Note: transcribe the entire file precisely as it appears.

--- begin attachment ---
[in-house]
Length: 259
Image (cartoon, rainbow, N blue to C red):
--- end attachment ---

[in-house]
Length: 259
Image (cartoon, rainbow, N blue to C red):